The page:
This very young roster, and it was young intentionally because of the Toronto Marlies’ development desires, had its growing pains on the ice. The Marlies wanted things seamless and called up players freely. And that hurt the Solar Bears in the 2016 season.

It was clear the Solar Bears had to learn some things too. The coaching staff had to learn some things too. This was a young coach, coaching professionals for the first time. A minor league at that.

The team got better as the year went on. Orlando made a late push for the playoffs that eventually fell short. And a big part of that was the stability added to the roster and some veterans in Rylan Schwartz, Rory Rawlyk and Nicklas Lindberg.

When Noreen took the job, he knew the challenges of the ECHL. Or at leas the was told of them. There would be nights he would not have a full roster. It was an experience for sure.

The Solar Bears had games with just six forwards and four defenseman. They had those moments where the team just did not have enough players to field a full team. It was all a learning experience.

“You learn from it,” Noreen said. “You grow, you get better, and you challenge yourself. The one thing I would say you learn is the ability to have that next man up how important it is. You need to be solid top to bottom. You need to be able to beat the best teams with your depth guys because there are going to be nights you have to do that.”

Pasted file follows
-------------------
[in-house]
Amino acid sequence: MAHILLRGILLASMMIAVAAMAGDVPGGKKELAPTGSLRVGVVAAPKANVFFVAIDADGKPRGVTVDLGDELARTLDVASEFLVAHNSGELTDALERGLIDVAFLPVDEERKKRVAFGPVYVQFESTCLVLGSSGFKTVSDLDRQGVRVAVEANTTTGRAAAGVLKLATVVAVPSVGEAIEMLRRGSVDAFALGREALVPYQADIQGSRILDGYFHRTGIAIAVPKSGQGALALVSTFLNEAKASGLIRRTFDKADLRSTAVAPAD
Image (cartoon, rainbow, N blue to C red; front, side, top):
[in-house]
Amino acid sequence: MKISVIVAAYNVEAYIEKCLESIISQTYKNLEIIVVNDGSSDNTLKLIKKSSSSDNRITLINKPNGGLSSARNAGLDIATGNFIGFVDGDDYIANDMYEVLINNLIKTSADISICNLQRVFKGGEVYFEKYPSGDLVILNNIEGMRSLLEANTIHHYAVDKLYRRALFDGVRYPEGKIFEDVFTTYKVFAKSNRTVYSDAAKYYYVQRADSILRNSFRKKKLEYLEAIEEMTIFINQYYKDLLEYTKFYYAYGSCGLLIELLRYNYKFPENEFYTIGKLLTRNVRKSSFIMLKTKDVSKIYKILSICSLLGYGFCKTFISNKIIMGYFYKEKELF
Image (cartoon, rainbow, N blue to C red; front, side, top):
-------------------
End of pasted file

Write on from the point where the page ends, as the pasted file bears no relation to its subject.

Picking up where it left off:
The Solar Bears have tried to go about things this summer to fix that. They will have their slew of players from the Toronto Marlies that have already been signed — Eric Faille and T.J. Foster will be back on two-way contracts. Orlando also signed captain Eric Baier, Johnny McInnis and goalie Ryan Massa.

They will form the foundations for the team this year. But the Solar Bears realized with their young team last year, they needed veteran help. Rawlyk, Lindberg and Schwartz were incredibly valuable for their consistency as professional players and their presence in the locker room.